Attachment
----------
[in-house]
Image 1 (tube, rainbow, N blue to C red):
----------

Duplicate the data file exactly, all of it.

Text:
[in-house]
Image 1 (tube, rainbow, N blue to C red):